Alcohol Vs. Weed: How The Two Affect Young Adult Brains

In the past, prohibitionists liked to say that cannabis would cause brain damage, but new studies are now showing that alcohol does while cannabis doesn’t. The most recent such study found that alcohol affected cortical thickness in young people, which it did not in those who used cannabis.

The cortical thickness of the brain is a metric that measures how thick the layers are in the cerebral cortex. Cortical thickness gives an idea of ​​a person’s cognitive abilities. It can give doctors and scientists an idea of ​​whether there is a disease like Alzheimer’s or Parkinson’s, and it can also determine if there is some type of brain damage.

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For the study, the researchers analyzed the relationship between cannabis and alcohol exposure in the brains of young adults. They took a sample size of 436 twins, all of whom were 24 years old. They then assessed the frequency, quality, density, and level of intoxication that occurred after consuming alcohol and marijuana, and then collected data to verify whether marijuana use had an effect on cortical thickness, as measured by magnetic resonance imaging .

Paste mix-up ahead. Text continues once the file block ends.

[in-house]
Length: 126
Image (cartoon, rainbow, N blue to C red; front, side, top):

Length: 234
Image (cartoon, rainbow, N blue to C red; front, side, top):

The researchers selected cannabis and alcohol-consuming twins for the subjects to assess what effects two different substances had on them. “Greater abuse of alcohol, but not cannabis, has been associated with decreased thickness of the prefrontal and frontal medial cortices, as well as the temporal lobe, intraparietal sulcus, insula, parietal operculum, precuneus and parietal medial areas,” writes the Study.

“No significant associations between cannabis use and obesity were observed. The lack of cannabis-specific effects is consistent with literature research, large sample studies, and indications that observed cannabis effects are due to comorbid alcohol, ”the researchers said.